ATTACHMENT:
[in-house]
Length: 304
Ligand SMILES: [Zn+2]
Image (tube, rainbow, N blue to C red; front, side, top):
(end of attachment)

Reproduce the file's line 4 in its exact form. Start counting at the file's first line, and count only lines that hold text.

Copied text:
Image (tube, rainbow, N blue to C red; front, side, top):